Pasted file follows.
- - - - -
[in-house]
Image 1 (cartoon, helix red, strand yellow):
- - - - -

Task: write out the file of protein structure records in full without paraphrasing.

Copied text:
[in-house]
Image 1 (cartoon, helix red, strand yellow):